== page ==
“She gave him sex and he gave her class.” – Katharine Hepburn
Ironically, many of my favorite movies were produced during the 1930s, 1940s and early 1950s when moral restrictions were strongly regulated and enforced by the Motion Picture Production Code of 1930 (“Hays Code”). Its guidelines addressed violence, nudity, profanity and sex. By the late 1950s, the Hays Code’s influence on the film industry was greatly reduced due to anti-trust rulings and competition from television and foreign films. The Hays Code was eventually replaced by the current MPAA film rating system in 1968.
Sometimes I miss the Hays Code and the inventiveness it inspired. Top Hat exemplifies the creative and subtle qualities that are often lacking in today’s more explicit films. Fred Astaire and Ginger Rogers effectively convey romance and passion in “Cheek to Cheek” – the film’s classic centerpiece – without removing any clothes or sharing a kiss. Watch Fred and Ginger elegantly dance through the stages of seduction from courtship to afterglow. Cigarette, anyone?
Ten years ago, on the same evening that Sidney Poitier was presented with an award for lifetime achievement, Denzel Washington and Halle Berry won Academy Awards for their respective leading roles in Training Day and Monster’s Ball. Though I had mixed feelings about their stereotypical roles –Berry as a tragic, dependent sex object and Washington’s portrayal of a corrupt cop – I still enjoyed seeing them honored. In particular, despite the overly exuberant presence of Julia Roberts, Washington’s acceptance speech is what made the evening memorable for me. Perhaps I’m being too hard on Roberts. After all, given the same opportunity, I too would have draped myself all over Washington like a cheap suit.
“Two birds in one night, huh?” – Denzel Washington
Washington began his acceptance speech by referencing Berry who had just won. Unlike Berry who was tearfully grateful, Washington was cool, confident and in control. Washington’s manner indicated that he recognized his self worth and talent with or without the award. The only emotion Washington showed was his acknowledgement of Poitier who looked on proudly. Maybe Washington’s previous disappointments with Malcolm X and Hurricane tempered his enthusiasm and expectations. Perhaps he had come to realize that actors are not always recognized for their most outstanding roles. Or it’s possible that Washington chose to keep his real feelings private. Whatever the reason, Washington showed a healthy respect for the award without appearing to need its validation.
With the Academy Awards about to begin shortly, I find myself emotionally torn once again. I am rooting for Viola Davis and Octavia Spencer to be recognized for their fine work while hating The Help, a film that trivializes the pervasive evil of America’s racism. Will there be another memorable moment tonight? I’ll be watching and hoping…
“My girlfriend is black, and I’ve learned a lot about racism including the fact that it hasn’t gone away, especially in American business. But on a social level there’s less prejudice than there was. So I figured, let’s put another hero up there.” – George Lucas
Red Tails, the action drama about Tuskegee Airmen during World War II, opened in theaters nationwide today. George Lucas’s herculean efforts to get the film made – which included personally financing the project to the tune of $93 million – are well documented. Over the past few weeks I have received numerous messages via e-mail, Facebook and radio strongly urging support of this film during its opening weekend. This is supposed to send an unmistakable message to Hollywood power brokers to make more “positive” black films. Really? I think not. Begging through the box office – as proven time and time again – is not an effective way to get more racially balanced, multi-dimensional and realistic images from the film industry. Also, despite the film’s historical significance and Lucas’s good intentions, Red Tails is not worthy of the cause célèbre status that has been bestowed upon it by many in the African American community.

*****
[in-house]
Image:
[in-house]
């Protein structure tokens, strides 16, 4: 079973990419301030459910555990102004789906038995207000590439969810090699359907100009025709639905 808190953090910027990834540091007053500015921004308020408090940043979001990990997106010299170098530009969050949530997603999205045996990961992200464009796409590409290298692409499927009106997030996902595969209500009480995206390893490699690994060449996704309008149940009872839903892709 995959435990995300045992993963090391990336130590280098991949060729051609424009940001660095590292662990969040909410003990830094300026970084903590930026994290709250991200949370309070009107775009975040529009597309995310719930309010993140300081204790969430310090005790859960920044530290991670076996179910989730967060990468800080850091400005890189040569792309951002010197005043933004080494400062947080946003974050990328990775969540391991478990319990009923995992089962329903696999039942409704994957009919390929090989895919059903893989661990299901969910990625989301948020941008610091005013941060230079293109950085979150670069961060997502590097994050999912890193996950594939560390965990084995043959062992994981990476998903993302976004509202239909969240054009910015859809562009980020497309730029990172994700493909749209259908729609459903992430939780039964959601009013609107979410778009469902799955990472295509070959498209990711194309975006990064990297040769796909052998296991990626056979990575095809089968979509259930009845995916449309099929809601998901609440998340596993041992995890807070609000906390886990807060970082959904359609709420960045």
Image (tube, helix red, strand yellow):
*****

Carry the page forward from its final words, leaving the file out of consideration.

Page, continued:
“I’m making it for black teenagers. They have a right to have their history just like anybody else does.” – George Lucas
Of course everyone should know and claim their history, but it is the height of paternalistic arrogance for Lucas to determine what that should be for black teenagers. Red Tails was historically shallow and predictable in a cartoonish way. More attention was given to the action scenes than to story and character development. There was no sense of the black pilots’ familial ties, experiences in America, or expectations and hopes. Their motivations – beyond patriotism – were unclear. Other possible motivating factors, such as making their communities and loved ones proud and/or expanding career options, were not explored. One of the pilots carried a photo of black Jesus which was very progressive for the 1940s. Unfortunately, that pilot crashed and was badly burned. I leave you to interpret that subtext for yourself.
The pervasiveness of racism à la Jim Crow was watered down when dealt with at all. One such scene took place in the segregated officers’ club. The Tuskegee Airmen were invited in by the white officers and treated to drinks after a successful mission. One of the Tuskegee pilots, Smoky (Ne-Yo), chose to share an oft-told, corny joke about color. The gist of the “comic” story was that whites turn various colors depending on their emotions, yet they call black people colored. The white and black officers shared a laugh. Kumbaya! This unrealistic, contrived, feel-good moment glossed over the complexity of racism. During the Jim Crow era, I find it hard to believe that black officers would enter a segregated officers’ club, even if invited. They would create their own gathering space to relax and let loose. If they did take that risk, however, they certainly wouldn’t tell a joke about whites while there. However, in Lucas’s world, all is well over a beer. How does this fanciful nostalgia benefit black teenagers? I have no idea.